Alumni Life

New Role, New Face

Introducing Cynthia Khoo-Robinson

Cynthia Khoo-Robinson

Photo: Douglas Levere

By Mary Cochrane and Barb Byers

UB recently integrated its alumni engagement and annual giving programs, and hired a seasoned higher-education executive to direct all aspects of the two areas.

Cynthia Khoo-Robinson brings nearly 30 years of experience to the newly created role of associate vice president for alumni engagement and annual giving, which she began on May 7.

She moved here from Cincinnati, Ohio, where she most recently served as assistant vice president and deputy campaign director for the University of Cincinnati Foundation.

Rod Grabowski, vice president for University Advancement at UB, says Khoo-Robinson stood out among the candidates not just for her skills and experience, but for her notable enthusiasm. “She has a remarkable ability to engage people—alumni, friends and partners—from her first meeting with them,” he says.

True to form, Khoo-Robinson says she’s thrilled about strategizing with the two teams to cultivate a new level of commitment among UB alumni and community members to the university and its mission. “I am an energetic, can-do person,” she says. “The UB community has been very welcoming, and I’m excited to be here.”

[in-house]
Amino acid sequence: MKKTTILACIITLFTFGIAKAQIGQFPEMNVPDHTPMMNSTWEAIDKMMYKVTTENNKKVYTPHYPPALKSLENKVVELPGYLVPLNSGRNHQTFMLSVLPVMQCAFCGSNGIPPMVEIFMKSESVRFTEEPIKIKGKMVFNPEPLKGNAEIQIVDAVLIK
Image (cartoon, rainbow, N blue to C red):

5 Things to Know About Cynthia Khoo-Robinson

Origins: I grew up in Malaysia on the island of Penang. I came to the U.S. to go to college in 1984.

Family stats: My husband, Troy, is the international sales manager at Cincinnati Incorporated, a machine tool manufacturer. Our son, Chandler, just graduated from college in May and is pursuing his MBA with a concentration in hospital administration.

Favorite activity: I love to coach people. That’s what brings me the greatest joy. It’s my hobby; it makes me feel gratified and full.

First impressions of Buffalo: The people are so nice. And they love their hometown! The roots here are very deep, which is a fantastic thing.

Best Buffalo experience so far: There have been many, but one of the best was a “meetup” of women for a daylong tour of downtown housing being built or developed in historic buildings.